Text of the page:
Stocks on Wall Street were trading slightly lower on Friday - albeit off their lows of the session - despite a solid reading on the state of the jobs market, as a large drop in crude oil futures
and losses overnight in Japanese stocks dampened sentiment.
The Dow Jones Industrials was off by 21.40 points or 0.12% to 17,633.04 as of 15:09BST, alongside a drop of 5.47 points or 0.27% in the S&P 500
to 2,054.24 and a similar 0.10% fall in the Nasdaq Composite to 4,865.54.
US Non-farm payrolls edged past analysts´ forecasts, rising by 215,000 in March (consensus: 205,000), while average hourly wages grew by 0.3% month-on-month (consensus: 0.2%) and and 2.3% year-on-year (consensus: 2.2%).
Significantly, the labour force participation continued to rise, increasing by one tenth of a percentage point to 63.0%.
"While robust domestic data will be hard to ignore, we suspect that the Fed will wait for more optimal financial conditions before choosing to signal its next move," market strategist Bill Hubard said in a research note sent to clients.
Analysts at Capital Economics chimed in, saying: "The 215,000 gain in non-farm payroll employment in March highlights once again that, even though GDP growth has been underwhelming over the past six months, the labour market remains unusually strong."
In other economic news, the ISM manufacturing sector purchasing managers index for March improved from a reading of 49.5 to 51.8 (consensus: 50.8).
The University of Michigan´s consumer confidence index also beat market forecasts, rising from a reading of 90.0 for February to 91.0 in March (consensus: 90.5).
Japan´s Nikkei-225 equity benchmark was dragged lower overnight after a survey showed business sentiment among Japan's big manufacturers fell to the lowest in nearly three years in the first quarter.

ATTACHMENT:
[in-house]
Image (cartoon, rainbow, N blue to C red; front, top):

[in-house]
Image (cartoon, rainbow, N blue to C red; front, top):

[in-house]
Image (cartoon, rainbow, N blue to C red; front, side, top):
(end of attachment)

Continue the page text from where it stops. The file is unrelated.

The headline index gauging big manufacturers' sentiment stood at +6 in March, half the level seen three months ago and worse than a median market forecast of +8, the Bank of Japan´s Tankan survey revealed.
Investors seemed to shrug off positive Chinese data on manufacturing and services.
China's official manufacturing purchasing managers' index rose to 50.2 in March from 49.0 the previous month, beating expectations for a reading of 49.3. A reading above 50 signals an expansion while a level above that indicates a contraction.
The non-manufacturing PMI also edged higher in March to 53.8 from 52.7 a month earlier.
Caixin's private PMI on China manufacturing increased to 49.7 in March from 48 in February, exceeding forecasts of 48.3.
Meanwhile, oil prices
registered a sharp slide on concerns about a supply glut. West Texas Intermediate crude fell 4.2% to $38.71 per barrel and Brent crude declined 4.1% to $36.84 per barrel.
On the corporate front, Starwood Hotels & Resorts Worldwide and Marriott International were in focus as China's Anbang Insurance Group Co. backed away from its $14bn bid for the former.
Tesla Motors could move after unveiling its more affordable Model 3 electric car late Thursday.
Data on US vehicle sales for the month of March and the latest weekly tally of US oil rigs from Baker Hughes were scheduled for release later in the day.
The yield on the benchmark 10-year US Treasury note was flat at 1.77%.